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The New Destination for Tourists By Partha Chattopadhya.

The magnificent seven States of the North East are now poised to welcome tourists as never before.

With peace returning in most of them, tourists have gradually begun visiting popular spots like Shillong in Meghalaya and Kaziranga in Assam. Many are using the Assam corridor to sojourn in Arunachal Pradesh, a State unaffected by insurgency.

In the past few years the tourism scenario in India has got a massive boost. Infrastructural development has progressed well with better highways, airports and the opening up of comfortable hotels. New, sprawling airports have replaced the outdated structures at Imphal, Aizawl, Silchar and Dimapur. In Nagaland where the people in the recent past would not dare drive alone in the interiors, have no such fear now. Night buses are plying daily without any incident. Mizoram is now the most peaceful State in the North-East. So is Nagaland where peace is now being given a chance after decades of unrest.

All these developments have undoubtedly given a fillip to tourism in north-eastern India. An enquiry at the Arunachal and Nagaland Houses in Kolkata has revealed that every year more and more inner line permits were issued to the tourists. If they take up a massive tourism promotion campaign, a larger number of tourists will definitely overcome their diffidence to visit the North-Eastern States.

Domestic tourists by and large have lost the charm of visiting conventional destinations like Darjeeling, Kulu, Manali, Dharmashala and Ooty. For them the North-East would be a good change - a new, unexplored destination.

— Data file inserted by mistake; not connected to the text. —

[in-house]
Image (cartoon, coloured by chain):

The North-Eastern hill stations like Aizawl, Shillong, Kohima, Haflong and Tawang unfold to the tourists the varieties of landscape, leaving no room for boredom. The land is picturesque and lush green. They bring a soothing effect on anyone who has been confined to a city for long. The atmosphere is breathtaking. It strikes the visitor the moment he or she enters the region. Nature unfolds a strange ambience in many North-Eastern sites, as they are still largely free from pollution. What a bliss that such a vast area is still open for tourists to discover! There are interesting varieties of flora and fauna awaiting the first full view by nature lovers.

Guwahati, Imphal and Aizawl are ideally suited for weekend tours from Kolkata. Just an hour’s flight will take one to Aizawl or Imphal or Silchar. Aizawl is a picturesque hill station with all modern amenities. In Imphal a weekend trip will take a tourist to Moirang, 45 km. away from the capital of Manipur where one can visit the INA museum. In April, 1944 Netaji Subhas Chandra Bose led his INA soldiers upto this point. The museum possesses some valuable documents of the INA. Five kilometres from the museum lies the Loktak Lake, the largest fresh water natural reservoir in the North-East.
Assam is the most charming place so far as tourism is concerned. The State has much to offer. They include a huge national park, Kaziranga, near Jorhat, to several holy Hindu shrines such as Kamrup Kamakhya in Guwahati, the Shiv temple at Sibsagar and a beautiful hill station, Haflong.